Executive Director of the American Indian Policy Institute to Address Tribal Leaders at the National Congress of American Indians Mid Year Gathering in Alaska
ANCHORAGE, Ala., June 9, 2022 /PRNewswire/ — On June 14, Dr. Traci Morris, Ph.D., Executive Director of Arizona State University’s American Indian Policy Institute (AIPI), will introduce and moderate a discussion with Tribal leadership, Beyond Tribal Self-Determination, during the First General Assembly at the National Congress of American Indians (NCAI) 2022 Mid Year Conference in Anchorage, Alaska. In addition, Morris will be a panelist in a discussion about the challenges of establishing broadband infrastructure entitled Missed Connections: The importance of Robust Broadband & Cellular Networks.
“I am honored to be invited to participate in NCAI’s Mid Year Conference and am looking forward to listening to what Tribal leaders have to say during the First General Assembly,” said Dr. Traci Morris, Ph.D. “NCAI’s conferences provide a crucial space where we can work together in support of Tribal sovereignty.”
In addition, Morris and a cohort representing AIPI will participate in telecommunications and technology sub-committee meetings throughout the week.
NCAI’s 2022 Mid Year Conference will be held in-person for the first time since the COVID-19 pandemic. The conference engages Tribal leaders, NCAI members, Native youth, and partners to meet and discuss critical issues impacting Indian Country.
The conference will take place June 12-16 at the Dena’ina Civic & Convention Center in Anchorage, with the theme of “Thinking Beyond Self-Determination.” For more information, visit https://ncai.events/.
Dr. Morris, the executive director of the American Indian Policy (AIPI) Institute at Arizona State University, is a member of the Chickasaw Nation of Oklahoma. Under her leadership, the AIPI has grown and diversified its service to Indian country providing policy analysis, tribally driven research, and economic development capacity build ing and working with such Indian Country partners as NCAI, NAFOA, and AISES.
In her work at both ASU and prior, Morris has worked with Native American nations, Tribal businesses, and Native American non-profits. Morris is a strong advocate for digital inclusion and equity and a national expert in tribal broadband and access, testifying at the Federal Communications Commission and Capitol Hill.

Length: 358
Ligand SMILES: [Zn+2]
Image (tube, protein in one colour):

Morris’s research and publications are focused on Internet use, digital inclusion, network neutrality, digital equity, and the development of broadband networks in Indian country. She spearheaded and co-authored the groundbreaking Tribal Technology Assessment: The State of Internet Service on Tribal Lands in 2019. Her book, Native American Voices: A Reader, continues to be a primary teaching tool in colleges throughout the country.
The American Indian Policy Institute is an Indigenous-led and staffed research institute at Arizona State University, whose work supports Tribal communities and Indigenous peoples nationwide. We do this by creating academic research, analyzing and developing policy on the key issues in Indian Country, and by building capacity within an ecosystem of lifelong learning.
The AIPI was established in 2006 with the commitment to carry out Tribally-led participatory research in which Tribal governments identify their own research needs and seek out collaborations with the university.
AIPI’s core commitment to Indian Country focus’ on new directions and initiatives centered on sovereignty, community service, dedication to research and learning through public service, and supporting tribal communities and leaders in finding solutions while allowing AIPI to be part of the solution in shaping new strategies for Indian Country.
The National Congress of American Indians, founded in 1944, is the oldest, largest and most representative American Indian and Alaska Native organization serving the broad interests of tribal governments and communities.
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